Creating a Custom Trunk Enclosure in a 370Z
It Started With an Idea
Like many of you, I have always liked the more custom look for my cars. I wanted something new that not just anyone could buy in a store, so I decided to make a subwoofer enclosure that no one had. I wanted it to be obviously custom, but still have a nice stock feel to it. I think what I did definitely fits that criteria; however, I can't just keep that to my self, so I want to share the process for your creative mind to try to build off of my ideas.
To start, we had to tear out everything from the trunk. This means no more spare tire and no more scissor jack. It was a relatively easy task to disassemble everything. Just looking around back there you will be able to see how to take everything out very easily, there is no trick to it, thanks, Nissan. If you are reading this as a reference, but to do it to a different model car, I cannot say how your project will go. Here is what it will look like once everything is taken out.
Nothing spectacular, and I have no idea how the dirt got under everything like that. After removing everything, we noticed that we actually had a lot more room to play with than we thought we would. We started playing with different ideas of how we were going to design it. We threw around all kinds of ideas, some of which were just ridiculous, but me being the simple minded person I am; we just went with an easy box design with a little bit of sexy thrown in. I wanted everything to be out of the way, and wires running around were a no-go. The obvious decision was to go with a recessed sub, and recessed amp, hiding all of the wires under the base. Here is a mock-up, while we were figuring out what we wanted to go with.
See what I mean by horribly ugly wires that need to be hidden? If you are into the car audio scene then you will already know what is going on under everything there, but for those of you who are wondering what the black and silver thing is on the bottom; that is Dynamat, the opposite side of it is really sticky, and it is used to prevent rattling, and stop excess noise. It is there to improve the sound quality.
This is the basic setup we decided to go with; we just had to make sure everything fit where we wanted it. The next step is to take the model three dimensional. That pretty much means building the box for the sub. We didn't want the box to be anything difficult, so we just went with a shape that was easy to make and would fit nicely.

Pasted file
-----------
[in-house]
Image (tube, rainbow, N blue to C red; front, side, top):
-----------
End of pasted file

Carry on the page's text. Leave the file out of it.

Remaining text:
We made the box pretty much as big as it could be so that there wouldn't be any unnecessary movement. This won't be much of a problem anyway since the top will be the size of the whole trunk, but the bigger box really does help. The next decision was if we wanted to port it or not. The 370z is just a really small enclosed space already, so there isn't much need to port it for the extra little thump, but the port really makes the sound more precise and clear. We went with the port for the sounds quality. It was pretty easy to make and totally worth it.
With the box built and ported, the hard part is out of the way. Now we build the top to the box, which ends up being the new trunk floor. We thought this was going to be a challenging task because of the 370z trunk's unique shape. Then we realized that we could just use the old carpet and trace it out, so it ended up being really easy. We cut the floor into two pieces, so that we could easily get under it without ripping out everything, and taking out a ton of screws. Here is the floor before the carpeting.
Excuse all of the shoe prints. The trunk is finally starting to look like a trunk, but it shouldn't look like a trunk. We still need to make the holes for the sub, and the recession for the amp. Unfortunately, I do not have pictures of us cutting the hole for the speaker or making the recession for the amp. Making the speaker hole is self-explanatory. The recession was a lot easier than you may think though. We started by cutting a hole a little bit bigger than the amp, not much though, then we essentially made a box under the "floor" with no top and only three sides. We left the side off where the wires would connect to the amp. This made for a great custom look with the amp flush to the floor and all wires hidden.
The enclosure is all finished and carpeted. I am not sure of the total time of the project, because we weren't just doing the trunk. We replaced all of the speakers in the car and made a custom shift boot. I will add those pictures too as a courtesy, and because I really love to show off my car. Here is what the trunk looks like right now, and some pictures from the rest of my full audio build, and the new shift boot.
This article is accurate and true to the best of the author’s knowledge. Content is for informational or entertainment purposes only and does not substitute for personal counsel or professional advice in business, financial, legal, or technical matters.